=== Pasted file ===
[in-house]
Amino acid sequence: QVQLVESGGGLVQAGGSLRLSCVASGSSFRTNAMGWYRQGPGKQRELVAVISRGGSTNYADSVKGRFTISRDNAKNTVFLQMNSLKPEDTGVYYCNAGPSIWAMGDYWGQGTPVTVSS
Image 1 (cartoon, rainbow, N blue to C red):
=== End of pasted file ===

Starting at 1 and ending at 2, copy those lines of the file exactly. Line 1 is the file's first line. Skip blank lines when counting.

[in-house]
Amino acid sequence: QVQLVESGGGLVQAGGSLRLSCVASGSSFRTNAMGWYRQGPGKQRELVAVISRGGSTNYADSVKGRFTISRDNAKNTVFLQMNSLKPEDTGVYYCNAGPSIWAMGDYWGQGTPVTVSS